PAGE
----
Speaker delivers powerful message
By John Gregory
While world leaders were gathering in Europe to commemorate the 75th anniversary of the WWII D-Day landings – the operation that began an allied offensive to topple the hold Nazi Germany had on the continent – a small woman spoke about her time in one of the Nazi concentration camps.
Rose Schindler addressed the June 5 meeting of the Rotary Club of Scripps-Poway. Schindler demonstrated through her words why she is a beacon of strength as she shared her experiences. Schindler was invited to address the Rotary Club after delivering an impressive presentation to students earlier this spring at Scripps Ranch High School. Here is her story:
Schindler was taken by the Nazis to the infamous Auschwitz concentration camp in Poland with her family in 1944 when she was only 14. She explained that she survived her ordeal during WWII essentially by being a feisty girl and because she clung to hope.
“You lose everything if you lose hope,” she said. “Have hope and never give up.”
Schindler was born in Czechoslovakia, one of eight children. She described a simple but happy existence with her family in a village. Her father, Solomon Schwartz, was a tailor.
“Life was beautiful before the war,” she said.
Things were good until 1939, she explained. Attitudes changed once Nazi influence sprang up. In 1944, the Jewish population of her village were put on wagons and taken away to a train station where they waited in the cold. They were eventually packed into freight cars full of about 80 people each and shipped to Auschwitz on a train.
Once off the train, she and two of her sisters were separated from the rest of her family. Her father and one brother were chosen to work as slave laborers. She later learned that, aside from one brother and two sisters, her mother and the rest of her siblings were sent to the gas chambers and killed on the first day.
“I never saw them again. They killed thousands and thousands of people every day at Auschwitz,” she said.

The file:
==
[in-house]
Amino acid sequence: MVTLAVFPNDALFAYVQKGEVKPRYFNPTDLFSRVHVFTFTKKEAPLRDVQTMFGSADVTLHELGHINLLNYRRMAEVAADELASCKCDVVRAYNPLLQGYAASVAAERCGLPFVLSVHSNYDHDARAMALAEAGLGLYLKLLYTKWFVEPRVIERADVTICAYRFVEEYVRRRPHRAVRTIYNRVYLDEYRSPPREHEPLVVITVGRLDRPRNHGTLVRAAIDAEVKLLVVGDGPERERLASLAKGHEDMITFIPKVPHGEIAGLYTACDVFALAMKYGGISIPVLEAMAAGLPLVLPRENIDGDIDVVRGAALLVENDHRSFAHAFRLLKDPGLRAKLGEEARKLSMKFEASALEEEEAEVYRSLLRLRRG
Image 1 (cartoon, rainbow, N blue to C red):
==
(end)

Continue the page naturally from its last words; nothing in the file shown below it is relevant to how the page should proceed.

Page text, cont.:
The rest of the women were told to take off their dresses and their heads were shaved. Then they were issued concentration camp clothing. She noticed a big fire behind them where bodies were being burned.
Conditions were appalling. The portions of the camp were separated by electrified wire that would kill a person. A crew with a wheelbarrow would pick up dead bodies each day. Food was so bad that Schindler has no memory of it. People were committing suicide. After two months, they were skin and bones, Schindler said. She actually snuck out of the gas chamber lines several times.
She happened to speak to her father at the camp two days in a row.
“Stay alive so you can tell the world what they are doing to us,” he told her.
Though emotional, Schindler summoned her strength to continue speaking as she described the deaths of her parents and siblings. She displayed a gold necklace that was once part of her father’s pocket watch. She retrieved it from her family home once she was liberated, and she has worn it every day since.
Finally, she and her sisters were chosen to work in a factory in Germany, where they worked for about eight months. One day in 1945, Schindler discovered that the SS guards had disappeared. She snuck out and heard the voices of Russian soldiers. She tied a rag to a stick, waved it aloft and summoned the soldiers to liberate the factory.
The Russian soldiers were kind to the women, she said. One day a soldier took her and her friend to the nearby abandoned German town, where they could take whatever they wanted, including food. Suddenly, with the realization that she was free, she felt reborn, Schindler said.
“All of a sudden, the world was very nice to us,” she said. “Where was the world before?”
Schindler moved to the America in 1951 and she praises the U.S.
“I’m so thankful to this country. … This is the best country,” she said.
As a survivor of Auschwitz, Schindler proudly displays her concentration camp tattoo and continues to share her experiences with anyone, anywhere.
“We have to tell our story so it shouldn’t happen again,” she said.